Their empathy helps employees feel listened to and heard. And whether a manager or a C-Suite leader, they work towards helping employees feel encouraged by seeking to understand others’ perspectives and experiences.

Empathizing and giving understanding to challenges that employees might have in the workplace (or their personal life) cultivates trust and a healthy workplace culture.

4. Social Skills

Social skills (or soft skills) are not just about communication, but how we communicate and collaborate. When a leader uses the soft skills of active listening, asking questions in conversation, paying attention to nonverbal cues, being responsive to their employees while empathizing as needed, meaningful work relationships blossom.

Meaningful relationships with employees in the workplace are created and maintained by effective social skills of emotionally intelligent leaders. This strong sense of connection makes it easier for managers to influence and motivate their team to higher performance, communicate both good and bad news effectively, and manage conflict quickly.

5. Motivation

Leaders with solid EQ are motivated to work towards goals despite adversity, which is inspiring.

Clear, actionable goals for leaders and managers, for the team and the business as a whole, can give needed direction and structure. An emotionally intelligent leader will hold themselves to a higher standard and their intrinsically motivated mindset will help raise staff morale and help the team work better together.

How to Become an Emotionally Intelligent Leader

Although some researchers suggest that emotional intelligence is inherent and part of a person’s personality, it can be improved through conscious thought and practice.

It is a worthwhile set of skills to learn.

A good leader should ensure that their EQ is at a level where their team is confident in their leadership. The above five pillars previously mentioned help guide leaders.

Leaders need to be able to: 

  • Set and achieve goals
  • See the big picture
  • Motivate their teams
  • Recognize, understand and moderate their emotions
  • Read and respond to the emotions of those around them

Here are several key ways to become the best emotionally intelligent leader you can be:

Practice Mindfulness

Linked to self-awareness, being mindful allows you to notice your thoughts and feelings and understand what can trigger a negative emotional response. 

You can also use mindfulness techniques to recognize when you might need to change the way you are responding to a situation so that you can consider your actions before letting emotions drive unproductive behavior.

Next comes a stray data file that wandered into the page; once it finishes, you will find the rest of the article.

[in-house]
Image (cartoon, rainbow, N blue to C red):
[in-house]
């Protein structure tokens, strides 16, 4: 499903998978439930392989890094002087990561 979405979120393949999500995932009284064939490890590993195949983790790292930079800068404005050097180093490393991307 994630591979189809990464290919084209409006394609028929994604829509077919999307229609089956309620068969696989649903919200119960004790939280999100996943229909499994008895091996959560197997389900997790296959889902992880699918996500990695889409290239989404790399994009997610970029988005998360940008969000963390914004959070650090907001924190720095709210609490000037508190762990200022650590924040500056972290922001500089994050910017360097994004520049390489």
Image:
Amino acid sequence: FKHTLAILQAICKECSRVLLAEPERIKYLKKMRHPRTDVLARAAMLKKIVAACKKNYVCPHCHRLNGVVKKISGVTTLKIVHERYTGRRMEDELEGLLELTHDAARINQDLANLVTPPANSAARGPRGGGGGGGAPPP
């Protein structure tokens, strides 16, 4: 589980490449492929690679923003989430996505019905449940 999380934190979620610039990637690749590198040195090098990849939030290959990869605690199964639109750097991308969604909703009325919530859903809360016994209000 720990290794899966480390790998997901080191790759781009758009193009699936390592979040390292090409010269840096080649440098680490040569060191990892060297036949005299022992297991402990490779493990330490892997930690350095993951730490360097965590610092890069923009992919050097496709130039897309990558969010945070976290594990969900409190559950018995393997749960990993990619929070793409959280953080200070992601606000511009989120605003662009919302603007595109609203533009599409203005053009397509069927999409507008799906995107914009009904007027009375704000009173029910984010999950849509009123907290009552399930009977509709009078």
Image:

Related reading: "Why Is Mindfulness Important? And 3 Simple Practices."

Be Accountable; Require Accountability

Most people don’t enjoy receiving criticism, and even the most mindful leaders can still react negatively to poor feedback or conflict.

However, great leaders hold themselves accountable to be their best, and therefore, feedback is imperative. 

As part of your self-awareness, you need to be able to recognize and understand your shortcomings, and work on those weaker areas – or be prepared to delegate them to someone with the relevant expertise.

Holding yourself accountable, weighing all sides of an issue or problem, remaining open and responsive to others’ feedback, and communicating well are all part of an emotionally intelligent response to negative feedback or constructive criticism.

Know Your Values and Motivations

Motivations are important – and while personal motivation might help you work towards your goals, knowing your values and what you stand for will help you be more self-aware and stay on track with goals with their guiding compass.

Acting from values also helps your followers to know that there is a strong, values-based motivation behind what is being asked.

Keep a Journal

Writing your thoughts and feelings down in a journal can be a helpful part of a mindfulness technique and might help you to manage your emotions better.

This practice can help you gain self-awareness and give structure to self-management so that you can assess and work on your reactions to triggering events.

Find Calming Techniques 

Whether you prefer yoga or you take a deep breath before responding to something, personal calming techniques will ensure that you are consistently remaining mindful of the way your emotions affect you and the people around you.